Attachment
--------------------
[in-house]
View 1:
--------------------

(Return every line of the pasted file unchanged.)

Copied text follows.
[in-house]
View 1: